Bottom shekel / Talk is cheap, and tax here is too
It's true that living in Israel is expensive. It's true that product prices are going through the roof, in part because of high indirect tax. But tax on Israeli citizens and companies is nothing to complain about, for the most part.
Let's all scream it together: Living in Israel is horrendously expensive. Product prices are going through the roof and the tax burden is back-breaking. The middle class is sinking to its knees under the weight. All together now!
All that is being said far and wide these days. But is it true?
Only in part. It's true that living in Israel is expensive. It's true that product prices are going through the roof, in part because of high indirect tax (VAT, customs and sales tax ). But it's precisely when it comes to tax that we have to finesse: Tax on Israeli citizens and companies (income tax and corporate tax ) is nothing to complain about, for the most part.
The Finance Ministry's State Revenue Administration compared the tax burden of a single person without children earning the average wage (a typical middle-class bachelor ) in Israel and the other OECD countries. The administration found that in 2002, the weight of income tax out of the individual's gross pay was about the same in Israel as the OECD average. Yet today, nine years later, that same bachelor's tax rate is the sixth lowest rate in the OECD.
Much the same happened to the average couple with two children. Their weight of income tax out of gross pay plunged in Israel to the sixth lowest position in the developed world. The only places income tax rates (out of gross pay ) are lower are the Czech Republic, Poland, Mexico and South Korea.
In stark contrast to its image, Israel is in fact a cheap place to live these days, at least when it comes to direct tax (income tax and corporate tax ). This is true at all levels, from the poorest to the wealthiest and for the middle class as well.
The maximum rate of income tax in Israel is 44% of gross pay, roughly the OECD average. But in 2016, the maximum rate is supposed to drop to 39%, which will (at current figures ) put us in the bottom third of income tax rates in the developed world.
When it comes to corporate tax, the picture is even more extreme. The present rate of corporate tax, 25%, places Israel in the bottom third in the developed world. The government plans to cut corporate tax to 18% in 2016, which will put Israel deep inside the bottom 20%.
Yet income tax among lower earners is where things become most extreme.
The threshold where tax starts kicking in is apparently among the highest in the developed world. Roughly speaking, the 50% lowest earners pay no income tax at all.
Income tax starts applying at NIS 4,700 a month for men and NIS 5,555 a month for women.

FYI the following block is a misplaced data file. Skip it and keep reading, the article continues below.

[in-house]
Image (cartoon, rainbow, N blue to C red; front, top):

A woman with two children will pay no income tax at all until her monthly pay passes NIS 8,500 a month, which is higher than the average wage.
A woman with three children pays no income tax at all unless her pay is greater than NIS 9,500 a month, which is way over the average wage.
There is no other country in the world where people earning so much more than the average wage - people firmly in the middle class - don't pay income tax. The upshot is that the upper 50% of earners bear the entire income tax burden.
By the nature of the beast, the heaviest burden is borne by the uppermost: These people pay 75% of all income tax in Israel.
That uppermost 10% also pays 48% of all healthcare and social-security tax.
That skewed picture is balanced, by the way, by the fact that the top 10% of earners take home 41% of total income. In other words, a huge amount of the income, and the tax burden, concentrates on that uppermost 10% of earners.
That's the picture of Israel's inequality pyramid, which gets worse all the time. We have a lot of poor people who earn nothing and pay very little tax (through indirect tax ). We have a middle class that earns middling wages and pays middling tax. And we have a top 10%. And that's our economy in a nutshell.
The price of that narrow pyramid structure is that the tax system has no flexibility.
The tax system already helps the lowest earners as much as it can: Half the people are exempt from income tax. But there's only so much the state can heap on the shoulders of the uppermost decile, which already pays 75% of all income tax. Therefore, it may sound socially just to raise tax for the richest, but this wouldn't reap the state much more because they're such a thin layer.
And the pyramid is so narrow that the uppermost 10% is reached at pretty low pay levels. According to the State Revenue Administration, 44% of Israelis earn between zero and NIS 5,000 a month, gross. Another 24% earn from NIS 5,000 to NIS 8,500.
In other words, 66% of Israelis, that's two-thirds, are earning less than the average wage.
Another 16% earn from NIS 8,500 to NIS 14,500 a month, 8% earn from NIS 14,000 to NIS 21,000 and 6% earn from NIS 21,000 to NIS 40,000. The top 2% earn more than NIS 40,000 a month, gross.
A rough calculation finds that the top decile starts at about NIS 18,000 to NIS 20,000 a month. So if you earn that much, you may feel that it's not much, but in fact you're already in that coveted place, the uppermost 10%.
Just the facts
* Income tax starts applying at NIS 4,700 a month for men and NIS 5,555 a month for women
* A woman with three children pays no income tax at all unless her pay is greater than NIS 9,500 a month
* The 10% of people who earn the most also pay 75% of all income tax in Israel and 48% of all healthcare tax
* Some 66% of Israelis earn less than the average wage; 3.3% gross more than NIS 40,000 a month
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